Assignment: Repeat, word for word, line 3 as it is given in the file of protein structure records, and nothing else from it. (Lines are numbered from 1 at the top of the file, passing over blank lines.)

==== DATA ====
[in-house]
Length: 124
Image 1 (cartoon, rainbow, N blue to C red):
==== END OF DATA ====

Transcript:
Image 1 (cartoon, rainbow, N blue to C red):